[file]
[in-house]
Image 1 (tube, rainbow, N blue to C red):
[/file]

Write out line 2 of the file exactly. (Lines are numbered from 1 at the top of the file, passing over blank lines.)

Image 1 (tube, rainbow, N blue to C red):